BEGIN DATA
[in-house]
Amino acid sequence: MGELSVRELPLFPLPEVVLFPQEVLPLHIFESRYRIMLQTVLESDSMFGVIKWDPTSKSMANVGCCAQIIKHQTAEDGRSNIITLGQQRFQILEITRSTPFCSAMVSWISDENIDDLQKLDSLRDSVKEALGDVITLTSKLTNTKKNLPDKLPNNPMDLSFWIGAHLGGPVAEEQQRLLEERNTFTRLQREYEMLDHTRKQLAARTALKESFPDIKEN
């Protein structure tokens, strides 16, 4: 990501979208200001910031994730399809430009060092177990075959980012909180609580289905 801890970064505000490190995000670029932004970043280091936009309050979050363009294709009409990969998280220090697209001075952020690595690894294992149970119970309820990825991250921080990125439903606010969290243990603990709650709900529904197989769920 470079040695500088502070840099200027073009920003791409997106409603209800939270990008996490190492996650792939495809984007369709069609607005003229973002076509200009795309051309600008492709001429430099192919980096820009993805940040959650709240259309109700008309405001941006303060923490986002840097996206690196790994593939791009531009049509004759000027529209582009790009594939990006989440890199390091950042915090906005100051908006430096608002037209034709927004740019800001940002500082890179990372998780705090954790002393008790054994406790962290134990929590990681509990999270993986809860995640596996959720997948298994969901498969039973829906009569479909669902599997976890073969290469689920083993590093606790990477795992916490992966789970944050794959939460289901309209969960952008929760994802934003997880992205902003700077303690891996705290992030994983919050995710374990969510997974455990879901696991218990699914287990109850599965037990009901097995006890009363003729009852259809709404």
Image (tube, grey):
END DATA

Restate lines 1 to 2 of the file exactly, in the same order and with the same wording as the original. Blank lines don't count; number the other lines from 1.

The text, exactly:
[in-house]
Amino acid sequence: MGELSVRELPLFPLPEVVLFPQEVLPLHIFESRYRIMLQTVLESDSMFGVIKWDPTSKSMANVGCCAQIIKHQTAEDGRSNIITLGQQRFQILEITRSTPFCSAMVSWISDENIDDLQKLDSLRDSVKEALGDVITLTSKLTNTKKNLPDKLPNNPMDLSFWIGAHLGGPVAEEQQRLLEERNTFTRLQREYEMLDHTRKQLAARTALKESFPDIKEN